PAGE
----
At its worst, Wilderness Tips suffers from Atwood’s most common flaw. Although she’s blessed with intelligence that never gets in the way of her stories, there is always a little too much distance between the reader and the characters. That’s an odd complaint, considering the book’s genre. Compare it to Raymond Carver, and Atwood has better characters yet doesn’t create as much sympathy.

It’s odd. It should be the opposite. The close look at people in all their glorious flaws should make us feel closer to them. Atwood isn’t shy of the first person narrative. Yet it’s the same case with every Atwood book – its emotional impact is always a little low compared to the intellectual side of things. Then again, there are some brilliant stories here and it’s a prime example of how realist fiction should be done. So Atwood couldn’t get around her tiny flaw here, but it doesn’t matter when everything else is so brilliant.

Short story collections can be hard to review. They’re not music albums. They’re often written over a long span of times. They tend to contain experiments and snippets. For many authors, short story collections are B-Sides & Rarities – odd pieces of prose that are interesting for the die-hard fan, but don’t go anywhere and don’t really ‘conclude’.

The latter part is important. Even if you’re a great short story writer, why are all of these stories packed together? In music albums, you often have an overarching sound connecting it all. Great albums also have good sequencing, with songs sounding better in their place in the tracklist. Wilderness Tips isn’t so good that it starts with a bangs and concludes, but it’s a masterwork of a genre. That alone is enough to make it feel like a complete work, instead of just assorted prose for the diehards.

‘Realism’ is an annoying word to use when discussing fiction. It’s also necessary, which makes it more annoying. No one actually has any access to what reality is. It’s the Map and Territory situation. You perceive parts of reality, but never all of it. So how can humans write something ‘realistic’ when they only perceive a very tiny part of reality? Keep in mind that fiction deals with the most unstable aspect with reality – humans, their relationship and how they experience the world.

Some opt for a dry, ‘nothing ever happens’ style to inform the reader it’s realistic. That’s basically a cop-out for people who aren’t imaginative enough or too insecure. The ideal technique for realistic fiction is to steal stories directly from reality itself, and always be aware every story has as many sides as it has characters. I don’t know how many of these stories are based on true cases, but Atwood’s portrayal of relationships has always been brilliant. Here, she’s in top form.

I wish I had Atwood to help with me with relationships. She never slides into strawmen or caricatures. Her men and women aren’t heroes and villains, but flawed people. Sometimes their flaws make them easy to manipulate or abuse. Sometimes their flaws lead them to abuse or be terrible to others. With great understanding comes great pessimism, though. All over these stories is disenchantment and cynicism towards the idea of romance and sexuality.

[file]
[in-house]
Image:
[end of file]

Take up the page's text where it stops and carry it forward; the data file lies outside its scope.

It’s not so much that Atwood is a rowdy feminist out to castrate men. Women can a lot of flak too. Many of them are attracted to married men and work on starting an affair. The crucial thing Atwood focuses on is that every relationship has two participants. It’s never one person doing things to the other. Affairs aren’t just sluts seducing innocent men, or men being pigs. Both sides choose to do it.

Some relationships are abusive, though. Some people are assholes and only them are to blame for what they do to others. In these stories we see what pessimism is truly like. The assholes are never evil caricatures, rapists in the dark or hot young gaslighters. It’s easy to understand why they do it and that includes the backstabber in “Uncles”. What’s more horrifying than the act itself is their humanity. Atwood knows evil people don’t come from outerspace, kill people for the fuck of it and get blasted by dudes with sixpacks. What drove them to that behavior can also drive her or me or you or anyone of us.

The best story here is perhaps the aforementioned “Uncles”. While Atwood’s feminism and exploration of women’s position in society isn’t huge here – women are the main characters mainly because Atwood is a woman – that story explores it brilliantly. Again, it’s about showing the two sides of things. This time it’s about the relationship with a beautiful, perfect person who’s used to approval. I’ve met those. Women who are pretty can have it very easy in life, especially if they develop a few skills. Their good looks already means people are nicer to them.

People are jealous of you when you’re successful. The jealousy is even harsher when your luck is obvious. Everyone is successful mostly because of luck, but the Beautiful People’s type of luck is so obvious it’s excruciating. We also all know that our love for the Beautiful People is what gives them their success. We’re to blame. One way to deal with jealousy is to demonize the successful, disregard their successes or assume their feelings aren’t worthwhile. They’re so successful, so who cares if we humiliate them? It mirrors things I’ve seen in real life.

There’s also enough variety in tone and prose style to prevent this from becoming variations on a style. The hard realism and theme of relationships allow Atwood to experiment with story structures and styles without causing any disconnection between the stories. It’s the most versatile I’ve seen Atwood yet. Some stories have a more poetic, somber tone to them. Others like “Hairball” have jumpy prose that’s unlike anything she’s written. Sometimes she apes Carver completely with hard, dry prose. The tone is always appropriate for the stories, too. This variety helps to reinforce the realism. People experience reality differently. If all your stories are written in the same way, you’re too narrow for reality.

Wilderness Tips is an excellent short story collection. The only flaw is the slightly disappointing closer (“Hack Wednesday”) and the distance Atwood can’t rid of. Still, at its best this is how realist fiction should be. The events are exciting. There’s always a feeling of uneasiness and unstability which define reality. People are flawed human beings, sometimes weak or evil or talented but they’re always human. The stories also conclude more than they just end hanging in the middle of things. No one writes prose like Carver, but this is where I’ll direct people if they want to understand realist fiction.

3.5 tips out of 5